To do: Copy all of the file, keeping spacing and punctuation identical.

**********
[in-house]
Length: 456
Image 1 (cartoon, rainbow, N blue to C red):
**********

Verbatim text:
[in-house]
Length: 456
Image 1 (cartoon, rainbow, N blue to C red):